Moments in Surgical History |

Crawford Williamson Long

Ira M. Rutkow, MD, MPH, DrPH
Arch Surg. 1999;134(5):578. doi:10.1001/archsurg.134.5.578.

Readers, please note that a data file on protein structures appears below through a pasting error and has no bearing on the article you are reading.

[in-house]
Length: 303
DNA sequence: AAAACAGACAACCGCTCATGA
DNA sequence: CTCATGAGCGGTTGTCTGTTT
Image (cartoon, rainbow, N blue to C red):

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SEVEN AMERICAN surgeons, including Ephraim McDowell, Charles and William Mayo, Charles Drew, Mary Walker, and Harvey Cushing have been honored by having their likenesses placed on US postage stamps. However, it was Crawford Long who became the country's first scalpel bearer so memorialized some 6 decades ago. Such lasting "first-time" esteem stands in contradistinction to earlier events in his life. Long was born in Danielsville, Ga, in 1815, was graduated from that state's university (1835), and then spent 1 year working under a medical preceptor at Transylvania University, Lexington, Ky. Moving to Philadelphia, he received a medical degree from the University of Pennsylvania in 1839, and immediately relocated to New York City where he worked for the next 18 months furthering his medical education and training in various hospitals and almshouses. Family commitments caused him to return to his native state, where he begana small-town practice in the village of Jefferson, Ga.

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